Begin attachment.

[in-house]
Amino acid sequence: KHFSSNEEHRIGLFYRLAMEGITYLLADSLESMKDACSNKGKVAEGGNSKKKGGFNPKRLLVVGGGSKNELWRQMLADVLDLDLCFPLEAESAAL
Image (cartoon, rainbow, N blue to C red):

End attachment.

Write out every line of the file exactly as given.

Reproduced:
[in-house]
Amino acid sequence: KHFSSNEEHRIGLFYRLAMEGITYLLADSLESMKDACSNKGKVAEGGNSKKKGGFNPKRLLVVGGGSKNELWRQMLADVLDLDLCFPLEAESAAL
Image (cartoon, rainbow, N blue to C red):